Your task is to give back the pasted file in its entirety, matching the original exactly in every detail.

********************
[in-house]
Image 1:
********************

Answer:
[in-house]
Image 1: